Cricket Australia Sets up Amnesty Period to Report Match-Fixing Suspicions

Updated: 19 October 2014 23:08 IST

Cricketers face bans of up to five years if they are found to have failed to report information relating to a breach of CA's anti-corruption code but in an Australian first have been told they will be spared from penalty if they come forward with any evidence from their careers by the end of November.

Cricket Australia Sets up Amnesty Period to Report Match-Fixing Suspicions
File Photo: Michael Clarke during a practice session. © AP

Melbourne:

In a first of its kind initiative, Cricket Australia has decided to establish an amnesty period for its players to report corruption-related suspicions in an effort to weed out match fixing in the game and shady characters behind it.

Cricketers face bans of up to five years if they are found to have failed to report information relating to a breach of CA's anti-corruption code but in an Australian first have been told they will be spared from penalty if they come forward with any evidence from their careers by the end of November.

The move comes as anti-corruption investigators prepare to confront the threat of match and spot fixing at next year's World Cup in Australia and New Zealand, a report in 'Sydney Morning Herald' said.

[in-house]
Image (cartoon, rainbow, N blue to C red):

International Cricket Council last year signed a memorandum of understanding with the Australian Federal Police in a bid to assist them in combating corruption in the showpiece tournament to be held in February-March next year.

The amnesty period was directed at getting information or suspicions that current international and state players may have from throughout their careers, the report said.

CA's senior manager of integrity Iain Roy said the impunity offered to players in the reporting period until November 30 was established to urge cricketers to tell officials about "any suspicious activity that doesn't feel right" and "covering all periods".

While Roy said there was no suggestion of Australians involved in illegal activity, the threat of corruption was "very real".

"What we're doing at the moment is building on the culture that we've already got in the game. There has always been a culture in the game of reporting and this effort is just an attempt to make sure that we're shining a light into dark corners if you like," Roy was quoted as saying in the report.

"We hope that granting a short amnesty period in relation to any previous non-reporting of relevant facts will encourage anyone with information to come forward."

A new reporting hotline has been established for players, officials and administrators.

Topics : Australia Cricket
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